Tuesday, July 15, 2008

From Playland to Beverly Center

In 1946, Dave Bradley opened Beverly Park and Playland at Beverly and LaCienega. It had a Tilt-a-Whirl, bumper cars, a roller coaster, merry-go-round, pony rides, blue hippo, you name it. And gourmet food, according to their ads.

Bradley earned a degree in Economics, which was not much use during the Depression. He worked in odd jobs all over Los Angeles--as a stringer for the Hollywood Reporter, a manager of several big swing bands, and (during WWII) a machinist with Lockheed Aircraft. Then he opened Playland--or Kiddieland, depending on who's telling the story.

One of his visitors at Playland was Walt Disney, and Bradley became an advisor to Disney on many of the rides at Disneyland. He was one of the geniuses who decided that everything on Main Street would be built to 7/8 scale, so people would feel tall and not so overwhelmed as they walked around.

Playland closed 28 years later in 1974, because oil drilling at the site was increasing. Bradley moved his business to Long Beach and continued to make amusement park rides for international customers, as well as places like Knotts Berry Farm, Opryland, the Six Flags parks, and even the Pike. This picture of the Timberline Twister at Knotts is from the Coaster Gallery website, and it's a Dave Bradley design.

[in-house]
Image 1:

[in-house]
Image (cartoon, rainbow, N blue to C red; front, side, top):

In 1978, a $50 million project to plop an 8-story mall on "one of the few remaining quaint sites in urban Los Angeles" was announced. And so we have the Beverly Center, which, given what we do there, could still be called Playland.

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